Surviving a Technology Conversion

Technology conversion. Utter these two simple words, and you’ll send employees running for the hills. It’s no secret that incorporating new technology can be incredibly frustrating—both for pest management leaders and their staff members. Even so, there are boundless benefits to adopting the latest and greatest operating systems, devices and software.

“It’s definitely one of the best ways to grow your revenue base and your earnings at the same time,” says Andrew Barrows, director of mergers & acquisitions with Environmental Pest Service, LLC. “Customers expect technology, especially the Millennials and Gen Z customers.

There’s a famous quote: You’re either moving forward or you’re moving backwards. In business, if you’re not embracing technology, you’re going to be left behind.”

When you enhance services with state-of-the-art tech, it also makes a major impression on current and potential customers. “I think it gives confidence to your customers that you’re a progressive company and you’re on the cutting edge,” explains Ted Brayton, branch manager for Griggs & Browne. “When you’re constantly changing things up, customers are confident that if there’s a better way to do it, this company is going to be on it.”

Is your business gearing up for a technology conversion? Here are 10 tips to help you navigate these turbulent waters and ensure the process is smooth sailing.

Tip #1: Get the whole team involved.

As you research, introduce or roll out new technology, Brayton says it’s important to gather input from all levels of your business. “I’m a big believer in involving people from all areas of your company when incorporating a technology change,” he emphasizes. He says it’s critical to view the technology conversion from all different points of view.

“You want people who run the company looking at how it will impact the company in the intermediate and the long-term,” he says. “You want feedback from the office staff on how it would affect the administration and the tracking of accounts and communicating with customers. You also want the technician’s point of view—how they’re actually going to be using it close to the customer. You’ll get different input from all three levels.”

Barrows reflects this sentiment, saying it’s critical to create a detailed plan for all areas of your business. “When you’re doing a software conversion, you need to understand how it’s going to impact all aspects of your business—not just the administrative function,” he explains. “You have to understand how it’s going to affect your billing, the sales cycle, customer interactions, HR and payroll. All these things are heavily affected, and you need to be very aware of how they are impacted so you can plan accordingly.”

Tip #2: Prepare for resistance.

If you’re planning to roll out new software or devices, get ready to face a barrage of resistance from your staff members. Even with the promise of higher business revenues and more efficient business processes, employees are rarely excited to hear about a major technology conversion.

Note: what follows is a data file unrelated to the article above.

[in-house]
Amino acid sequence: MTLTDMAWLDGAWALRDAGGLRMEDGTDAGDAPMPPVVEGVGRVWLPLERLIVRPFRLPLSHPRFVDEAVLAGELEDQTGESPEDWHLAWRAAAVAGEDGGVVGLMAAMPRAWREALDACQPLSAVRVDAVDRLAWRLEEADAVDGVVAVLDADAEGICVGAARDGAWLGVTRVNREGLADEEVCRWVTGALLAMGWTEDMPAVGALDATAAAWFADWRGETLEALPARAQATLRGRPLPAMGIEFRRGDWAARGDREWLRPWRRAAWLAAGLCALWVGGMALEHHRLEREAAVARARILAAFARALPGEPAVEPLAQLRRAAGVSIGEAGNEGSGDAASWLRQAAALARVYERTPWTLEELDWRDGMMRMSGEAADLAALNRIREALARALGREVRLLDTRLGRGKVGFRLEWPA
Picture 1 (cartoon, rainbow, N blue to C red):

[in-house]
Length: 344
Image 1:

“Unless you are the owner or the president, most people only look at how a change will affect their particular job,” Brayton points out. “They don’t tend to be super concerned with how it’s going to benefit the company three or five or 10 years down the road, or how it’s going to affect recurring revenue and customer retention in the long-term. They’re concerned with how it’s going to affect their routine. So, when you throw new technology at them, you’re going to get quite a bit of resistance.”

How can you handle this pushback? One way is to encourage employees to experiment with the new technology. “Everybody has a different way of learning, different job responsibilities associated with the technology,” says Brayton, “It’s important to let them experiment and encourage them to try different ways to use the technology. When you get a lot of people investigating all different areas of a technology, you can get a lot more feedback and you can help people do their jobs in ways they wouldn’t have thought was possible.”

Tip #3: Determine the cost vs. benefit.

Before you spend a bundle of money on new technology, it’s wise to calculate your return on investment. After all, incorporating the latest and greatest pest management system alone will not automatically drive your business to the next level.

“Just by signing up for an operating system, you’re not going to guarantee that it will offset costs,” Barrows points out. “You have to really own it, drive it, understand it and utilize it effectively. Execution is key if you want to grow your business in an efficient, effective way.”

For instance, let’s say your business mails out paper invoices to customers, which costs you $10,000 a year. You’re considering investing $8,000 in an operating system that will allow you to send invoices via email. “So, you have to figure out the cost versus the benefit,” says Barrows. “Instead of sending out $10,000 worth of paper invoices, you effectively converted everyone to email. Now you’ve just saved $10,000 a year by paying $8,000 for an operating system.”